You may have read our article about the rising popularity of OSINT in which we talked to Toronto police officer Warren Bulmer. During our chat with him he also told us about some of the cases he’s worked on over the years, one of which involved a series of stabbings and social media posts.
Warren told us about the time he was assigned to another law enforcement agency to assist with an online investigation involving a local man suspected of stabbing two people to death as well as a series of other random stabbings. The agency handling the case needed an open source investigations expert with experience of social media research and computer forensic analysis to help them analyze the huge volume of data being collected, both from the internet and via other sources.
Piecing it all together
Warren explained that while one unit was investigating the double homicide, reports were coming in to other sections of the same law enforcement agency about random stabbings throughout the city. At this point, neither side was aware that the two cases might be connected.
Fortunately, an undercover officer who was investigating gang-related crimes in the district came across a possible gang member who was posting cryptic information on Facebook about both the murders and the stabbings. After a little more digging, the officer discovered that some of the information being published wasn’t actually public knowledge yet. In other words, information that only someone who’d been there could possibly know.
Once they had established a link between the two cases, the police were able to identify a suspect and put him under surveillance. They soon discovered that not only did he regularly visit a specific internet café, but he always used the same computer. It later transpired that he was using it to publish crime-related information on Facebook, hoping to provoke the police. It definitely worked, but those Facebook posts would turn out to be his downfall.
Once the police had gathered enough evidence, they arrested him while he was using that very computer and were granted all the necessary search warrants.
Months of investigation work
Warren was called in to further investigate the matter and figure out how the online activity could be traced back to the individual. At the time, Warren didn’t have an OSINT tool to help him so he ended up spending months researching the suspect’s digital life and social media presence, in addition to all of the data that had been found on the computer. Unsurprisingly the man had been using a lot of different accounts and pseudonyms, and had been posting stuff all over the internet. So there was a huge amount of information to organize and verify.
“All of the data I’d collected and been given was scattered about in different folders, and within those folders were dozens of other folders,” Warren recalls. “So every time I gathered information online or analyzed any of the data, I had to spend extra time locating the right folder. Which wasn’t always that straightforward with this case, due to the vast amount of data being collected.”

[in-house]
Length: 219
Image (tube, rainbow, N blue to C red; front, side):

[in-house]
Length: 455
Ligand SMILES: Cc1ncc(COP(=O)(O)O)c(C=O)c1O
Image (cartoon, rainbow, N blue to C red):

Enough to seize the computer
By the time Warren was finished he had plenty of relevant information on the suspect, as well as various social media posts and access to the man’s email accounts. He’d also found photographs and video clips, information about the suspect’s recent activities and, most importantly, his exact whereabouts and evidence of his participation in the crimes.
Among the photographs Warren found were images from one of the actual crime scenes. And Warren wasn’t just able to demonstrate that the photographs had been taken with the suspect’s cell phone. He also established that the images had been sent by text message to one of the suspect’s Hotmail accounts and then uploaded onto his Facebook account.
Converting data into evidence
Warren told us that gathering information isn’t the problem with this type of investigation. If there are details about a person or an event online, then you’re going to find them. Authenticating the information, on the other hand, and verifying that it relates to the person you’re researching is a whole different ballgame.
Which is why the final stage of the process was so time consuming with this case. Everything had to be thoroughly investigated and authenticated, and when verifying the information he’d analyzed, Warren had to be extremely methodical. Not only that, but he also had to demonstrate objectivity and traceability in his reports.
Nevertheless, all those months of research and investigation paid off. Using OSINT, Warren was able to link all of the digital information to the physical evidence that had been collected by the police. The man was convicted of first degree murder as well as four counts of attempted murder and sentenced to life in prison.
OSINT tools like Paliscope are designed specifically for this type of casework. Which means they help you create specific case files, gather online data and organize it into various categories. Find out more here.
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